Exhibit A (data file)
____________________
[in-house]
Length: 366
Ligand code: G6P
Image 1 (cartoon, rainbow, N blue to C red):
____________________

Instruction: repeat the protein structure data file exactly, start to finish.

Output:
[in-house]
Length: 366
Ligand code: G6P
Image 1 (cartoon, rainbow, N blue to C red):